‘China wants to silence dissidents abroad’: UK worried about secret Chinese police stations on its soil | outside

The British government said today that the possible presence of Chinese police stations operating on its soil is taken “very seriously” after revelations in the press about the activities of Chinese businessman Lin Ruyu in London. Lin’s food business will also function as an unauthorized Chinese police station.

The British newspaper The Times published an article on Tuesday about Lin Ruyu, a Chinese businessman who runs a food delivery shop in the Croydon borough of south London, which is also believed to operate as an undisclosed Chinese police station. The paper describes his ties to Britain’s ruling Conservative Party, and includes pictures of Mr Lane with former prime ministers Boris Johnson and Theresa May. The Times also claims that the Chinese businessman is close to the Chinese Communist Party. Lin denies working for China.

The Home Office said reports of “alleged undisclosed police stations in the UK are extremely concerning and are being taken very seriously”. These units will enable Chinese nationals to perform certain administrative tasks, but will also be used to detect opponents.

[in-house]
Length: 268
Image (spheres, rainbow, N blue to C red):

“Clear relations with the Chinese Communists”

“No attempt to coerce, intimidate or unlawfully return anyone will be tolerated,” Chris Phillip, the Home Office’s foreign secretary, told MPs. According to him, China and other governments are “trying to silence their critics abroad, undermine democracy and the rule of law, and advance their own geopolitical interests.”

The UK Home Office and London Police launched a preliminary investigation into the matter after Human Rights Defenders’ Protection Organization described the existence of such centers last year. The Madrid-based group’s campaign director, Laura Harth, told AFP that Lin had “clear and provable ties to the Chinese Communist Party apparatus” and called for an investigation.

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“false accusations”

In response to the New York Times article, the Chinese Embassy in London did indeed claim that it had “repeatedly stated that there are no so-called police stations abroad”. The embassy also criticized the media for publishing “false allegations”. “China adheres to the principle of non-interference in the internal affairs of other countries, strictly abides by international laws, and respects the sovereignty of all countries,” the statement said.

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Denton Watson

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